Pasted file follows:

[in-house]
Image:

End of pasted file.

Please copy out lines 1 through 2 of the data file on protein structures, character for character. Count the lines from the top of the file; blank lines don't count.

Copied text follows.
[in-house]
Image: